The scripture of the Old and New Testaments is the final authority for our beliefs and practices. It is without error, breathed out by God, and profitable for teaching, reproof, correction, and training in righteousness.
Our scriptural beliefs are expressed in the Confession of Faith and the Larger and Shorter Catechisms written by the Westminster Assembly in London in 1647. These doctrinal standards do not compete with the scriptures for authority in the church. Rather, they accurately summarize and coherently express the teaching of the scriptures.
Our understanding of scripture is sometimes called “Reformed.” That is, we teach the full sovereignty and undeserved grace of God. These biblical doctrines were recovered by the leaders of the Protestant Reformation in the sixteenth century, including John Calvin. We do not teach Reformed doctrine as an addition to the gospel, but as the deepest and most accurate form of the gospel.
Our doctrine also focuses on God’s covenants. A covenant is a living yet formalized relationship that includes vows, symbols, and obligations. (Marriage is one example of a covenant.) When God saves his people, he enters into just such a relationship with them.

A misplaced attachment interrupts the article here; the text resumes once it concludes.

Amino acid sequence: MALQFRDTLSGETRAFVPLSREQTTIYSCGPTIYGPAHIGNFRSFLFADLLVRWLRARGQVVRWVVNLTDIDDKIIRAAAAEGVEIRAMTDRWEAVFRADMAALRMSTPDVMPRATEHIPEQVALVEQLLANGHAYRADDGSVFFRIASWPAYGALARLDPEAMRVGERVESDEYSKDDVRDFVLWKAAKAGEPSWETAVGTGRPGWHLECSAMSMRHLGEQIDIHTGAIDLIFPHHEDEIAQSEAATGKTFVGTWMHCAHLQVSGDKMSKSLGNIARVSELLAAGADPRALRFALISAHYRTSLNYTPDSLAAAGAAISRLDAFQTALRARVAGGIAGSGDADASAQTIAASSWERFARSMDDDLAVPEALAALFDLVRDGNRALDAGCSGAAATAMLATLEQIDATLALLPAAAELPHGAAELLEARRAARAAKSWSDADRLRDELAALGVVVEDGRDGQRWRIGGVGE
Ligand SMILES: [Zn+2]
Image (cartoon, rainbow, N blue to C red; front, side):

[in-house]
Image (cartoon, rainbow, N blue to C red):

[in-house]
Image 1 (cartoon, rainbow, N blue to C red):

All of the people of God since the days of Genesis have been parties to a single, over-arching covenant of grace mediated by Jesus Christ, the “second Adam.” As God unfolded this covenant in various stages throughout history, the ministry of Jesus was foreshadowed by earthly mediators like Abraham, Moses, and David.
The covenant of grace has many implications for doctrine and practice:
Worship is an encounter between two covenant parties, God and the church, with all the dialogue happening through Jesus Christ the mediator.
Scripture is a covenant document; it is unified by a single plan of redemption for a single covenanted people of God.
The sacraments of baptism and the Lord’s Supper are covenant signs and seals; that is, they symbolize and confirm God’s covenant promises for believers.
The Christian family is a covenant institution, with parents training their children after the pattern of Deuteronomy, because ever since Abraham, the children of believers are parties to the covenant with its promises and obligations.